What real protection is then intended under this immunity clause? The relevant provision of Article 43 (3) of the Zambian Constitution affords the former President protection from being

  1. charged with a criminal offence or
  2. amenable to the criminal jurisdiction of any court

Of course this protection as observed supra is limited to actions or omissions inhis personal capacity while he held office of President and is rightly excepted where parliament has by resolution, determined that such proceedings would not be contrary to the interests of the State. The constitution does not expressly states at what point parliament must make that determination if it finds it necessary to do so but I want to presume from the foregoing provision that it must precede being "charge with a criminal offense" or where the "criminal jurisdiction of any court" is to be invoked i.e. prosecution. First I think it would not be accurate to equate "charging" and "criminal jurisdiction of a court" with "criminal justice system" as used in the article. The criminal justice system includes these two (2) essential elements yet it is not limited to them. That being the case a prior criminal investigation does not come within the intendment of the intended constitutional immunity. This was the position of the Supreme Court in Chiluba v Attorney-General (Appeal Number 125 of 2002) [2003] ZMSC 3 [one of the cases cited and which I separately deal with, infra].

Not all criminal investigations necessarily leads to being charged with a criminal offence and in fact a suspect whose conduct may have prompted an investigation may not be the only target of a criminal investigation. Therefore the mere stage of an investigation by the Police or the Commission if initiated suo moto cannot come within the meaning of the intended "criminal jurisdiction of any court" if it has not be prompted for that purpose. Let me add obiter dictum that as civil prosecution, which the former President is not so immuned, can proceed from a criminal investigation, an assistance can be requested in that regards if civil actions are contemplated within this investigations. Of course given the adversarial nature of common law justice system and particularly where a former President can stand to become the object of even a civil action one is not obliged and indeed is not even advised to just comply. Perhaps it should be stressed that the letter inviting President Banda [whose case has occasioned this debate] stated in it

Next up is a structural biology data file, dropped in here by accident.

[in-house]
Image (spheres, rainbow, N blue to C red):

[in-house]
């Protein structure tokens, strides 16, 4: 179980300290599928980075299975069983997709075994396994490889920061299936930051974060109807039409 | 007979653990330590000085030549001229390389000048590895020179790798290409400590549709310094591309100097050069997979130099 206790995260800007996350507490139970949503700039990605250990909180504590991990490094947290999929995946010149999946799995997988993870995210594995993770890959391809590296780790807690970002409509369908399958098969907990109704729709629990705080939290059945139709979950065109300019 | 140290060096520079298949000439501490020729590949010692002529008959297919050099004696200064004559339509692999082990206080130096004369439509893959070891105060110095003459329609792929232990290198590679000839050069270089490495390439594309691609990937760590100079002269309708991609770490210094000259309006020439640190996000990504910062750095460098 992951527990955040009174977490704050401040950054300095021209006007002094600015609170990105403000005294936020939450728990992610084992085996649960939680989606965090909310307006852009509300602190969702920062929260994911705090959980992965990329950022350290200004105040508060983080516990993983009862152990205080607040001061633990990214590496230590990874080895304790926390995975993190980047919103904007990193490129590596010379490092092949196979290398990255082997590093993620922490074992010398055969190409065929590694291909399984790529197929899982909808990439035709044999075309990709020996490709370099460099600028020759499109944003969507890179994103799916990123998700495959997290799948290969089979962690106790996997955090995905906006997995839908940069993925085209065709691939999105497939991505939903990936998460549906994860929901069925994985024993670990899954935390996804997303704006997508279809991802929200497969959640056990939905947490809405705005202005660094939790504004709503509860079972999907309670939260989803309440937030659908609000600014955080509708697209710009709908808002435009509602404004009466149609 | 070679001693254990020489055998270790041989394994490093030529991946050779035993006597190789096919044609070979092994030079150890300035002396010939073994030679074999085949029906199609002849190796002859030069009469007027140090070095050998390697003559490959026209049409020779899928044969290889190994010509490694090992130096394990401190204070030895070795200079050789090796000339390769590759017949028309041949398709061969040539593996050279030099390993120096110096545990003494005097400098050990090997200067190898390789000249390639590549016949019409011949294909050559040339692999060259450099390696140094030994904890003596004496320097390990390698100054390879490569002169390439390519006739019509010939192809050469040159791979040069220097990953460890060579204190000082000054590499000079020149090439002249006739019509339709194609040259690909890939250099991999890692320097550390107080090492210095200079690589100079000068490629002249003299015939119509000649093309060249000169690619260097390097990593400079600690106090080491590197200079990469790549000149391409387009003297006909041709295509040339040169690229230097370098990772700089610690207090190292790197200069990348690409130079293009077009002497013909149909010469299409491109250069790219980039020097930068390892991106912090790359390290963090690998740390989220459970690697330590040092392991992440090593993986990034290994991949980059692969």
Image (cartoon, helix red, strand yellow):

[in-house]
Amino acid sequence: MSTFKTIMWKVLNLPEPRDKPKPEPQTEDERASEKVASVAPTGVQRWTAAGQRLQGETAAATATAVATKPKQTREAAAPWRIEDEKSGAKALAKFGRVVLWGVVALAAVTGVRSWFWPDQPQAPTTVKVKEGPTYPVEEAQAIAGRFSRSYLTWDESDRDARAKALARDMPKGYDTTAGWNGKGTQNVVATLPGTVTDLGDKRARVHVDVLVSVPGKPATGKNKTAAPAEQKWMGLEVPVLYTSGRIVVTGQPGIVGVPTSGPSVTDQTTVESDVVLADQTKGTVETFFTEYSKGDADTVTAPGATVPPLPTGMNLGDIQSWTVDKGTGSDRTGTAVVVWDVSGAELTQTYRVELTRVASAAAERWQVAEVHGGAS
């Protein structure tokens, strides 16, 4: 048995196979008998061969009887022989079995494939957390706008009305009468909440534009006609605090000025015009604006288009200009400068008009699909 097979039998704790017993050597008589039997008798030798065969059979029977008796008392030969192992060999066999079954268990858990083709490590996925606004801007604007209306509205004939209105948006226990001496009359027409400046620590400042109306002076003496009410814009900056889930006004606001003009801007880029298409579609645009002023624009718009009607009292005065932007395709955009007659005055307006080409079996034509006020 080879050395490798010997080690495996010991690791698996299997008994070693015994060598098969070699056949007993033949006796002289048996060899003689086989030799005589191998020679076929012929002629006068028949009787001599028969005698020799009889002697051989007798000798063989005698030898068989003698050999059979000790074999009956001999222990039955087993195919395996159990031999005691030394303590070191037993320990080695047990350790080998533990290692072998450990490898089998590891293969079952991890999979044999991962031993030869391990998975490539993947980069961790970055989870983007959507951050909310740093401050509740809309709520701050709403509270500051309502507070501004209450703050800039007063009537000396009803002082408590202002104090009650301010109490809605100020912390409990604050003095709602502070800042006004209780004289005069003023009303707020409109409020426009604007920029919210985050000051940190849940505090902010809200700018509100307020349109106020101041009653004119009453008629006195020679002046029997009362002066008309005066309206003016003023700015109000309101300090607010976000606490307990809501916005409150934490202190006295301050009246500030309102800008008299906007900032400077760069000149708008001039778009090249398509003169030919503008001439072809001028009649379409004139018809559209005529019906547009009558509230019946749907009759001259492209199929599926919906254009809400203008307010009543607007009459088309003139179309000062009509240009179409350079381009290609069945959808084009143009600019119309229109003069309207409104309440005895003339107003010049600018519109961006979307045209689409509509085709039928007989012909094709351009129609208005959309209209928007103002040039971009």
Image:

"The Government Joint Investigations Team has been carrying out investigations into allegations of corruption and other criminal activities in which you have been named", 4

Therefore the intention of the investigation is manifested in the phrase "criminal activities in which you have been named" and as result the Former President must avail himself of his "constitutional immunities" if in fact they are available.

The value of "Chiluba v Attorney-General"

The case of President Frederick Chiluba, where the High Court observed that beginning criminal investigations and questioning of Frederick Chiluba did have implications on his immunity was stated to reinforce the argument. In deed in the letter5 from lawyers of President Banda they equally mention that "precedence has been made in Zambia on how to go about issues surrounding a former head of State". This would appear prima facie to strengthen your argument but in law precedence does not end a matter in dispute; it does however reasonably provide a point of reference, the bar of the real arguments. The Supreme Court decision in the case of Chiluba v Attorney-General reveals points deserving of commentary which I would briefly note for your attention. It is settled law by their Lordships ruling that former presidents cannot choose to avail themselves of natural justice requirements before parliament in respect of Article 43 (3) and Parliament is not obligated to adopt any particular procedure for this discretionary duty. What is intriguing is the opinion of the court on the "interests of the State".